Let’s say you are a publicly traded company integrally involved in the residential mortgage business as a lender, wholesaler, correspondent, warehouse provider, and servicer. Let’s also say that not too long ago your company had a near death experience…as in your stock price in November of 2008 hit $00.05 per share (yes, that is 5 cents).
lawsuit Blog Posts
We are happy to report that the walls are slowly tumbling down on Llano Financing and the Ganter brothers (Chris & Ben). If we sound biased it’s only because we are. When any entity like Llano is on the losing end of close to 100% of the cases in both state and federal court, it becomes very clear quickly to both the judiciary and the general public that something fishy is going on.
In a rare occurrence, a New Jersey Court recently enforced the State’s prohibition against frivolous litigation against a plaintiff who sought to sue a home inspector following a failed real estate transaction.
Insurance: that annoying but potentially beneficial thing we pay good money for and hope to never use. Insurance can protect your car, your business, your family, your home and more. The downside? It can often put a big red target on your back that says “sue me.”
When I was in law school about 100 years ago, my real property professor mentioned “caveat emptor” in almost every class. Loosely translated this means “let the buyer beware.” The legal principle behind “caveat emptor” is that a person who buys something without any kind of warranty is responsible for making sure it is in good condition, and if they don’t take this responsibility, then tough luck.
In the auto insurance business, there is a phenomenon known as the “red convertible,” in which claims for theft and accidents are much higher rate than other vehicles. A similar reality is known among real estate insurers as “the repeat claims offender”. When it comes to raising red flags, if these offenders didn’t have bad luck, they’d have no luck at all.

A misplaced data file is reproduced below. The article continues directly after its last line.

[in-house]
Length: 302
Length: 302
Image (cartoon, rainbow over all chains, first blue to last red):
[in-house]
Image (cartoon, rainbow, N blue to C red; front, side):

On May 23, 2014, the Court of Appeal for the Fourth Appellate District, Division One, State of California, issued a very interesting decision on whether a plaintiff can successfully plead and argue fraud based on comments made about the concluded value of real estate that was appraised. The case is Graham V. Bank of America, N.A., et al. Although this ruling is unquestionably useful for an appraiser being accused of appraisal fraud, it probably is not the magic elixir many will proclaim it to be.
If being a real estate broker or salesperson acting in a dual agent capacity was not already risky enough, the California Court of Appeal just made it even more dicey. Real estate brokers and associate licensees know that the risk is great in acting in a dual agent capacity, but the reward most of the time outweighs the risk.
The lure of the full commission on a real estate transaction always entices the real estate professional to take the leap of faith that he/she can act in compliance with California Civil Code Section 2079 et. seq. and adequately navigate the intrinsic conflict of interest that...
When it comes to real estate, risk is the name of the game. While it’s impossible to predict the future, there are steps you can take to prevent or defend against lawsuits brought about by errors and omissions made during the delivery of your services. Today, we’ll show you why taking a proactive approach to mitigating your risk matters so much.
In This Episode - Guest Todd Stevens, an attorney with the San Diego based firm Keeney, Waite and Stevens joins host Brian Trotier. Todd works with appraisers on issues in E&O, licensing and blacklisting.
They are discussing issues related these blacklists and the potentially detrimental effects they can have on appraisal businesses. Recently, government sponsored enterprises (GSEs) implemented an Appraiser Quality Monitoring system, or AQM, in a widespread effort to flag problem loans and identify “questionable” appraisals. By putting their reports under greater scrutiny, the GSEs aim to weed out USPAP violators by implementing standardized measurements for appraisal comparison.